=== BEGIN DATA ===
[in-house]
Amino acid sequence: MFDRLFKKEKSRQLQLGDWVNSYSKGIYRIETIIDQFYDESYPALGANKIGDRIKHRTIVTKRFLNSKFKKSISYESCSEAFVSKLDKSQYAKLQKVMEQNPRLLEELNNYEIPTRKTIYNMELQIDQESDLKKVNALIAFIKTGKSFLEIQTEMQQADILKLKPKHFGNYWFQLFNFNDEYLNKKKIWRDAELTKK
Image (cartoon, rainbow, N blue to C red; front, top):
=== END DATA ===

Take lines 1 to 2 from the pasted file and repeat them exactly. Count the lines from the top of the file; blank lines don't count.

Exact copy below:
[in-house]
Amino acid sequence: MFDRLFKKEKSRQLQLGDWVNSYSKGIYRIETIIDQFYDESYPALGANKIGDRIKHRTIVTKRFLNSKFKKSISYESCSEAFVSKLDKSQYAKLQKVMEQNPRLLEELNNYEIPTRKTIYNMELQIDQESDLKKVNALIAFIKTGKSFLEIQTEMQQADILKLKPKHFGNYWFQLFNFNDEYLNKKKIWRDAELTKK